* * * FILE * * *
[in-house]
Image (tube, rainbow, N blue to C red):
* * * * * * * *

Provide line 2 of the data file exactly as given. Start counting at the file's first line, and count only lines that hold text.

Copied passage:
Image (tube, rainbow, N blue to C red):